In the United States and Europe, Viread is indicated in combination with other antiretroviral agents for the treatment of HIV-1 infection in adults. This indication is based on analyses of plasma HIV-1 RNA levels and CD4 cell counts in controlled studies of Viread in treatment-naive and treatment-experienced adults. There are no study results demonstrating the effect of Viread on clinical progression of HIV. The use of Viread should be considered for treating adult patients with HIV strains that are expected to be susceptible to tenofovir as assessed by laboratory testing or treatment history.
Viread is the first nucleotide analogue reverse transcriptase inhibitor (NtRTI) approved for the treatment of HIV in the United States and Europe. The drug works by blocking reverse transcriptase, an enzyme involved in the replication of HIV. Viread is dosed as one tablet once daily taken orally. In clinical trials and expanded access programs, approximately 10,000 patients have been treated with Viread alone or in combination with other antiretroviral products for periods up to four years. To date, an estimated 150,000 patients have been prescribed Viread as part of their combination regimen.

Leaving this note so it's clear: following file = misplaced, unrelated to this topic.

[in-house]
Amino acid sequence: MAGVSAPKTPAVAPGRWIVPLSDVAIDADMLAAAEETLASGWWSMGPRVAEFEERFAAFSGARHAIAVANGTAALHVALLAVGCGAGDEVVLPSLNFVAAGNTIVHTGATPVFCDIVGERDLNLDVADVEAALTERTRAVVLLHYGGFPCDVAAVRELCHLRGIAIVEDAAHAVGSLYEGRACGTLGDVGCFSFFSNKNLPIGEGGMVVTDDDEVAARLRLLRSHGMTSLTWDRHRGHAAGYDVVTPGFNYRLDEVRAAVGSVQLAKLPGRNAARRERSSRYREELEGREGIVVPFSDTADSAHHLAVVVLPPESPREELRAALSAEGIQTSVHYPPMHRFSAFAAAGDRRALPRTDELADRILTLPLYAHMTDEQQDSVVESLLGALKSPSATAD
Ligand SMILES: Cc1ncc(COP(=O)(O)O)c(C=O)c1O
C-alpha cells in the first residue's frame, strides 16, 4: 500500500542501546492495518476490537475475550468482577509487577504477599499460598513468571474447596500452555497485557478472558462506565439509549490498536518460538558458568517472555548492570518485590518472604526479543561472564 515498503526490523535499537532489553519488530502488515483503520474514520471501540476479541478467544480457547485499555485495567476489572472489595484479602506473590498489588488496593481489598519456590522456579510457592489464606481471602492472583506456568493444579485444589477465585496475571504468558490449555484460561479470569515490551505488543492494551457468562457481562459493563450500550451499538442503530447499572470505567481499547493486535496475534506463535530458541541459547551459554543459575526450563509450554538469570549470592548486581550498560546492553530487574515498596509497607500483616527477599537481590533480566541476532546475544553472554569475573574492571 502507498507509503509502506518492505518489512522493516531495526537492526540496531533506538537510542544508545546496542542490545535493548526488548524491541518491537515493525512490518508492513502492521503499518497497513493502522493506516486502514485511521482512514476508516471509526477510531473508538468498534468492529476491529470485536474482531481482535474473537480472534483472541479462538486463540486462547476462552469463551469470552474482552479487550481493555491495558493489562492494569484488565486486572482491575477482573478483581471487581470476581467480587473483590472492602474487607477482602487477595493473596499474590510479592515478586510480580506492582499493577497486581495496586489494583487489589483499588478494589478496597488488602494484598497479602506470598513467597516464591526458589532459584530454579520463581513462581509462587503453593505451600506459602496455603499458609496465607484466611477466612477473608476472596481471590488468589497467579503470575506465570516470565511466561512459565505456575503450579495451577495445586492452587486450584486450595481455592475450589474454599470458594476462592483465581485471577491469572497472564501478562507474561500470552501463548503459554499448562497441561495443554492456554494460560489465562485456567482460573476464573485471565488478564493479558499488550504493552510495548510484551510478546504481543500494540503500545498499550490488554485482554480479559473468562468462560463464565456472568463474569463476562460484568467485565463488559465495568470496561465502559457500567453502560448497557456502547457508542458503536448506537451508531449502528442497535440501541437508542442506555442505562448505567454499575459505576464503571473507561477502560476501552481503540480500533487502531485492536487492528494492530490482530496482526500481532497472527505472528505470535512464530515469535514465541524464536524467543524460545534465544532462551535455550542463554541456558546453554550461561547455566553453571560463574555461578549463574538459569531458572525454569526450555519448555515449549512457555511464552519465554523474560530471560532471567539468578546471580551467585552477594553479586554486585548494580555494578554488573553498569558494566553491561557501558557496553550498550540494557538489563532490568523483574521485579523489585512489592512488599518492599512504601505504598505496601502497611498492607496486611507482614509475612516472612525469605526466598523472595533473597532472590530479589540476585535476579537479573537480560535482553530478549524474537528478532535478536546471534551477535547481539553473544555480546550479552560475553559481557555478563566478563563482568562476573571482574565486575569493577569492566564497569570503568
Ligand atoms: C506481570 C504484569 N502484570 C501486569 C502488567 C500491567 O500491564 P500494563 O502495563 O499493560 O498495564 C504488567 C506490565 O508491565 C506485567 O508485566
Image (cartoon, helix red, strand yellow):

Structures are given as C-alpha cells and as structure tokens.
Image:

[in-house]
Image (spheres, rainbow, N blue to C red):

Assessment of adverse reactions is based on two studies of treatment-experienced patients and one study of treatment-naive patients. In studies 902 and 907, a total of 653 treatment-experienced patients received treatment with Viread 300 mg (n=443) or placebo (n=210) for 24 weeks followed by extended treatment with the drug. In Study 903, a total of 600 patients received treatment Viread (n=299) or stavudine (n=301) in combination with lamivudine and efavirenz for 48 weeks.
The most common adverse events that occurred in patients receiving Viread with other antiretroviral agents in clinical trials were dizziness and mild to moderate gastrointestinal events, such as nausea, diarrhea, vomiting and flatulence. Adverse events and laboratory abnormalities observed in clinical studies occurred with similar frequency in the Viread and placebo or control groups.